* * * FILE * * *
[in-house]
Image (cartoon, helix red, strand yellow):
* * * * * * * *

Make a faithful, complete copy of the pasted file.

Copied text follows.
[in-house]
Image (cartoon, helix red, strand yellow):